Based on a true story, and the novel by the same name, 12 Years a Slave tells the harrowing ordeal of a free black man in 19th Century America who is captured, torn from his family, and sold into slavery.
12 Years a Slave is undoubtedly a clear representation of expert film-making. Coated with gorgeous scenery and exceptional acting, it is a gut wrenching exposition on slavery and the reality of the world that generations before us once lived in. Director Steve McQueen’s approach to the material is somewhat uncomfortable, but also beautiful to behold. His talent for creating an unnerving atmosphere and a gritty emotional blow is admirable. However, it does lack somewhat in originality, with the conditions of slavery and the treatment of African Americans being an overly familiar retelling that we have seen countless times before in films such as The Help and Django Unchained. The attention to detail over the gorgeous landscape of Louisiana is breathtaking, in addition to the brooding and quiet soundtrack that accompanies it, but it is the realistic depiction of slavery and the severity of the torture scenes that make 12 Years a Slave linger on long after the running time.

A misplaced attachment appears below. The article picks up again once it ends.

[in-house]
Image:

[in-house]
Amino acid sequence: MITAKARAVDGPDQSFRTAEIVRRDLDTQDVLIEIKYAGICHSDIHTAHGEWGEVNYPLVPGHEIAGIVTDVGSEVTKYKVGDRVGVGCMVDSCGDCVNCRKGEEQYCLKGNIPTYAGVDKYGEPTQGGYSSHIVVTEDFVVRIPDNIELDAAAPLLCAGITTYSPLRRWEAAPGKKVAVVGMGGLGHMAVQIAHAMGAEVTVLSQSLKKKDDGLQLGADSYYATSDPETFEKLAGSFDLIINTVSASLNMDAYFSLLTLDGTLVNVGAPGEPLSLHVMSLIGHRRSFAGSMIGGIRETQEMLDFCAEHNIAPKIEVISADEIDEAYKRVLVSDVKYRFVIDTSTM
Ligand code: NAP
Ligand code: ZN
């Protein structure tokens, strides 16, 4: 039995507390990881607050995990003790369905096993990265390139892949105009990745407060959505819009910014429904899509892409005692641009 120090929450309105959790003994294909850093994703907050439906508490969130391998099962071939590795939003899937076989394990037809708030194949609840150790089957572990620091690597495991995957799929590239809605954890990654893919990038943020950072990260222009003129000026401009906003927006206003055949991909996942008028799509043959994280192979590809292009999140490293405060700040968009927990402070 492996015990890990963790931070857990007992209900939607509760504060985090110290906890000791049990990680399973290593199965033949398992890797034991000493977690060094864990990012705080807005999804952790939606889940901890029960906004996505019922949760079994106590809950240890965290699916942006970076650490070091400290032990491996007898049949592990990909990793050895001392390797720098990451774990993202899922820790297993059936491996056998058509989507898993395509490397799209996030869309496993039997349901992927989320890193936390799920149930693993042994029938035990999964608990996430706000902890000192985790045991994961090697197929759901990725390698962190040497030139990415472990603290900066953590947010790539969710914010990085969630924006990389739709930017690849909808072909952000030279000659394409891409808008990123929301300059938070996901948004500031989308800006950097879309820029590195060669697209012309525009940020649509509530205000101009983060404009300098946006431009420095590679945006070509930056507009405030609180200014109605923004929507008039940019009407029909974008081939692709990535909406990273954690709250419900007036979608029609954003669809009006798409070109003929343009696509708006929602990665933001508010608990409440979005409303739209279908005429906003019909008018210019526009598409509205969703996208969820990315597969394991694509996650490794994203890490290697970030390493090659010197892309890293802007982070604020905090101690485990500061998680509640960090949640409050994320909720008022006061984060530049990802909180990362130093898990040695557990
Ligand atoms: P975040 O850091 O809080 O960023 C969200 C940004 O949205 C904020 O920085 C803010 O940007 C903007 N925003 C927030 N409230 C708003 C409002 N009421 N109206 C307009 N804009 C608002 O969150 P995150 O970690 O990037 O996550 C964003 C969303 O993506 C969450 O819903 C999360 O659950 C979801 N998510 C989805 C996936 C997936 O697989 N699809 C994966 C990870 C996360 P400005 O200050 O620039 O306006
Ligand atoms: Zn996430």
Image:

Chiwetel Ejiofor, who plays leading man Solomon Northup, is captivating to watch as he transitions from a free man to a man chained, taking him into unfamiliar territory that he himself has chosen to forget having lived as a free man. The acceptance of his circumstances of physical and emotional torture are brutal, but it is the alcoholic and unstable slave owner Edwin, played by Michael Fassbender, who truly steals the limelight. As humane as Solomon’s character may be, Edwin’s tragic, narrow-mindedness and at times questionable and sickening behaviour is the most intriguing aspect of 12 Years a Slave. Unfortunately, the same strong connection with Solomon and the audience is never firmly built, despite all the adversity he faces. At the latter end of the film, Brad Pitt’s surprising presence as a fellow worker who offers Solomon empathy and help feels out of place and tarnishes 12 Years a Slave’ excellent talents and narrative force by making it feel somewhat of a cash in for his name, rather than his necessity in the film itself.
12 Years a Slave’s shockingly realistic portrayal of events, beautifully crafted scenes and the ever shifting ordeals faced, no matter how mortifying they are to view at times, were enthralling and heartbreaking to experience.
DVD Bonus Features:
Featurette: The Score
A Historical Portrait Part 1 & Part 2
Featurette: The Team
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